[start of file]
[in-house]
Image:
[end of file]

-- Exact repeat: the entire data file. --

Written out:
[in-house]
Image: